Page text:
• Examples of BNF rules:

    <id_list> -> ident | ident, <id_list>

    <if_stmt> -> if <logic_expr> then <stmt>


Bnf rules

BNF Rules

  • A rule has

    • a left-hand side (LHS)

    • a right-hand side (RHS)

    • consists of terminal and nonterminal symbols

  • A grammar is a finite nonempty set of rules

  • An abstraction (or nonterminal symbol) can have more than one RHS

    <stmt> -> <single_stmt>

    | begin <stmt_list> end


Describing lists

Describing Lists

  • Syntactic lists are described using recursion

    <id_list> -> ident | ident, <id_list>

  • A derivation is

    • a repeated application of rules,

    • starting with the start symbol, and

    • ending with a sentence

      • all terminal symbols


An example grammar

An Example Grammar

<program> -> <stmts>

<stmts> -> <stmt> | <stmt> ; <stmts>

<stmt> -> <var> = <expr>

<var> -> a | b | c | d

<expr> -><term> + <term>

|<term> - <term>

<term> -> <var> | const


An example derivation

An Example Derivation

<program> => <stmts>

=> <stmt>

=> <var> = <expr>

=> a = <expr>

=> a = <term> + <term>

=> a = <var> + <term>

=> a = b + <term>

=> a = b + const


Derivation

Derivation

  • Every string of symbols in the derivation is a sentential form

  • A sentence is a sentential form that has only terminal symbols

  • A leftmost derivation is one in which the leftmost nonterminal in each sentential form is the one that is expanded

    • A derivation may be neither leftmost nor rightmost


Parse tree

Parse Tree

A hierarchical representation of a derivation

<program>

<stmts>

<stmt>

<var>

=

<expr>

a

<term>

+

<term>

<var>

const

b


Ambiguity in grammars

Ambiguity in Grammars

A grammar is ambiguous

if and only if

it generates a sentential form

that has two or more distinct parse trees


An ambiguous expression grammar

An Ambiguous Expression Grammar

<expr>  <expr> <op> <expr> | const

<op>  / | -

<expr>

<expr>

<expr>

<op>

<op>

<expr>

<expr>

<op>

<expr>

<expr>

<op>

<expr>

<expr>

<op>

<expr>

const

-

const

/

const

const

-

const

/

const


An unambiguous expression grammar

An Unambiguous Expression Grammar

If we use the parse tree to indicate precedence levels of the operators, we cannot have ambiguity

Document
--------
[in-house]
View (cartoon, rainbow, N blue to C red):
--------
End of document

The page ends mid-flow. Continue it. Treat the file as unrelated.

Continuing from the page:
<expr>  <expr> - <term> | <term>

<term>  <term> / const | const

<expr>

<expr>

-

<term>

<term>

<term>

/

const

const

const


Associativity of operators

Associativity of Operators

Operator associativity can also be indicated by a grammar.

ambiguous:

<expr> -> <expr> + <expr> | const

unambiguous:

<expr> -> <expr> + const | const

<expr>

<expr>

<expr>

+

const

<expr>

+

const

const


Extended bnf

Extended BNF

Optional parts are placed in brackets []

<proc_call> -> ident [(<expr_list>)]

Alternative parts of RHSs are placed inside parentheses and separated via vertical bars

<term> → <term>(+|-) const

Repetitions (0 or more) are placed inside braces {}

<ident> → letter {letter|digit}


Bnf and ebnf

BNF and EBNF

BNF

<expr> -><expr> + <term>

|<expr> - <term>

|<term>

<term> -><term> * <factor>

|<term> / <factor>

|<factor>

EBNF

<expr> -><term> {(+|-) <term> }

<term> -><factor> {(*|/) <factor> }


The chomsky hierarchy

The Chomsky Hierarchy


Semantics

Semantics

  • The meaning, not the form

  • Need a language to describe the semantics of languages

    • Assorted mathematical formalisms

  • Static Semantics

    • Attribute Grammars

  • Dynamic Semantics

    • Operational Semantics

    • Axiomatic Semantics

    • Denotational Semantics


Next class thursday february 23 2012

Next ClassThursdayFebruary 23, 2012

Rhys Eric Rosholt

Office:

Office Phone:

Web Site:

Email Address:

Gillet Hall - Room 304

718-960-8663

http://comet.lehman.cuny.edu/rosholt/

rhys.rosholt @ lehman.cuny.edu